Kate Orff received a B.A. (1993) from the University of Virginia and an M.L.A. (1997) from Harvard University. She is the author of Toward an Urban Ecology (2016) and co-editor of Gateway: Visions for an Urban National Park (2011). She is the founder of SCAPE and is an associate professor and director of the Urban Design Program in the Graduate School of Architecture, Planning, and Preservation at Columbia University. SCAPE has exhibited work at the Museum of Modern Art and will be an exhibitor at the 2018 Venice Architecture Biennale U.S Pavilion.



NY Upstate ASLA Annual Awards Submission Due Oct 27

2017 Annual Awards Program
Entries Due OCTOBER 27

The New York Upstate Chapter of the American Society of Landscape Architects, in an effort to encourage the participation by and recognition of landscape architects, and to better familiarize the public with their activities and projects, announces the Annual Awards Program for 2017. The program recognizes a full spectrum of innovative projects and efforts executed by individuals, firms, agencies, and academic institutions.  More information online.

As a reminder, all awards will be announced and presented at the Annual Celebration and Awards Reception scheduled for February 9 in Ithaca New York.  Your entry fee will include one ticket to the Annual Award Banquet.  


  • Built Design
  • Unbuilt Design
  • Residential Garden Design
  • Planning & Analysis
  • Research and Communication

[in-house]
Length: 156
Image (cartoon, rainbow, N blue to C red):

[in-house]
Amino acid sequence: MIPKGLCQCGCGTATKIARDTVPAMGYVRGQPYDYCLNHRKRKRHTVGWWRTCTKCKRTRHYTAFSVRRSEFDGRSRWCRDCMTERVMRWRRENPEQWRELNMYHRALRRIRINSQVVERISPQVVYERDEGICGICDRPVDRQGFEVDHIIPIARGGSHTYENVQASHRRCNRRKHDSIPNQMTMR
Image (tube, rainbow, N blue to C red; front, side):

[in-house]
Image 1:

• Historic Preservation
Freddie Gnomested

In addition to the six award categories, attendees will participate and select the Golden Gnome award at the reception. This is the Chapter’s 3rd Annual People’s Choice Award.

All submitted entries are included for consideration, the winner will be the caretaker of Freddie Gnomested for the year. Find Freddie on Instagram

More information available online


Top Left: ASLA 2016 Professional Analysis and Planning Honor Award. The Big U, New York, NY. BIG and Starr Whitehouse Landscape Architects and Planners. Top Right: ASLA 2015 Professional General Design Honor Award. Perez Art Museum Miami: Resiliency by Design, Miami, Florida. ArquitectonicaGEO / copyright Robin Hill. Bottom Left: ASLA 2016 Professional Communications Honor Award. Sea Change: Boston, Boston, MA. Sasaki Associates. Bottom Right: Living Breakwaters, Staten Island, NY. SCAPE Landscape Architecture.

Multidisciplinary panel to make policy recommendations around climate change mitigation and adaptation
9/13/2017 – The American Society of Landscape Architects (ASLA), the professional association for landscape architects in the United States, is convening a blue ribbon panel to make comprehensive public-policy recommendations for mitigating and adapting to climate change through resilient design.
Composed of 11 experts from across various disciplines, the panel will make recommendations that will ultimately save lives and affordably protect cities from future natural disasters. ASLA urges responsible policy makers to look to innovative urban design as they make infrastructure investments to make communities more resilient and better equipped to recover from disruptive climate events.
“ASLA has identified climate change as a key issue for its members, and for society at large,” said Nancy Somerville, Hon. ASLA, executive vice president and CEO of ASLA. “The recent devastating and real impacts of natural disasters such as hurricanes Harvey and Irma highlight the need for policy makers, both state and local, to invest in thoughtful and climate-resilient solutions to systemic infrastructure issues.” 
ASLA has long advocated for sustainable landscape architecture at the intersection of design and smart policy, working with legislators and stakeholders on effective solutions that minimize the effects of climate change. Transportation and land planning that incorporates green infrastructure can provide critical services for communities, protecting them against flooding and excessive heat, and helping to improve air and water quality.